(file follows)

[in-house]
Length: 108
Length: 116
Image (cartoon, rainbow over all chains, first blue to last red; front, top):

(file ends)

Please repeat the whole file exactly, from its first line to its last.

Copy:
[in-house]
Length: 108
Length: 116
Image (cartoon, rainbow over all chains, first blue to last red; front, top):